II Corinthians 1:1-16
3. Blessed be God, even the Father of our Lord Jesus Christ, the Father of mercies, and the God of all comfort.
4. Who comforteth us in all our tribulation, that we may be able to comfort them which are in any trouble, by the comfort wherewith we ourselves are comforted by God.
5. For as the sufferings of Christ abound in us, so our consolation and salvation also aboundeth by Christ.
6. And whether we be afflicted, it is for your consolation and salvation, which is effectual in the enduring of the same sufferings which we also suffer; or whether we be comforted, it is for your consolation and salvation.
7. And our hope of you is steadfast, knowing, that as ye are partakers of the sufferings, so shall ye be also of the consolation.
8. For we would not, brethren, have you ignorant of our trouble, which came to us in Asia, that we were pressed out of measure, above strength, insomuch that we despaired even of life.
9. But we had the sentence of death in ourselves, that we should not trust in ourselves, but in God Who raiseth the dead:
10. Who delivered us from so great a death, and doth deliver: in Whom we trust that He will yet deliver us.
11. Ye also helping together by prayer for us, that for the gift bestowed upon us by the means of many persons thanks may be given by many on our behalf.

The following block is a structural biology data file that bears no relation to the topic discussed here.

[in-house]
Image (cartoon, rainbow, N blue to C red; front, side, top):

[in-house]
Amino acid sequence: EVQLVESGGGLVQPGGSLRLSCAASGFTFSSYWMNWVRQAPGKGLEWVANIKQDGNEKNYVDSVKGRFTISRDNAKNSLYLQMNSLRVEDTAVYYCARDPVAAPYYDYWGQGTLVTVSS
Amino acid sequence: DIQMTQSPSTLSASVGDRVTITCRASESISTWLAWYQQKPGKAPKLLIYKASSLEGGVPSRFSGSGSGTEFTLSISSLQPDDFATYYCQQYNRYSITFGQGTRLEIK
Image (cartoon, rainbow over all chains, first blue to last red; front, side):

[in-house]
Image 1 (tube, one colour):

12. For our rejoicing is this, the testimony of our conscience, that in simplicity, and godly sincerity, not with fleshly wisdom, but by the grace of God, we have had our conversation in the world, and more abundantly to you-ward.
13. For we write none other things unto you, than what ye read or acknowledge; and I trust ye shall acknowledge even to the end:
14. And also ye have acknowledged us in part, that we are your rejoicing, even as ye also are ours in the day of the Lord Jesus.
15. And in this confidence I was minded to come unto you before, that ye might have a second benefit.
16. And to pass by you into Macedonia, and to come again out of Macedonia unto you, and of you to be brought on my way toward Judea.
The ministry for the Lord is fraught with events and problems that tend toward discouragement. It is one of the main battles for any who seek to minister for the Lord. Paul describes in the epistle called "II Corinthians" what the ministry is really like. Since we are all called to do ministry for the Lord, we need to take a fresh look at the warnings, admonitions, and directives of Paul in this book.
The story is told about the devil having an auction of all his tools, and he sold all but one. It was a wedge shaped tool called "DISCOURAGEMENT". He gave the reason, "When all other tools fail, I never fail to wedge my way in with this one!"
Another story illustrates something else about discouragement. It is told that the devil and the demons had a conference in which it was decided that their most useful ploy was discouragement.